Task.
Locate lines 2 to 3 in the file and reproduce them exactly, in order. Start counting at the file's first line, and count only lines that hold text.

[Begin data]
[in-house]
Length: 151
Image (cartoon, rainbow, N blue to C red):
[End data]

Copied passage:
Length: 151
Image (cartoon, rainbow, N blue to C red):